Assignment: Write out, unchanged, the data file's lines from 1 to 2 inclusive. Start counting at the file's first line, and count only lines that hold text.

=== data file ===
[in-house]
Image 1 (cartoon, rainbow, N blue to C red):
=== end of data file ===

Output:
[in-house]
Image 1 (cartoon, rainbow, N blue to C red):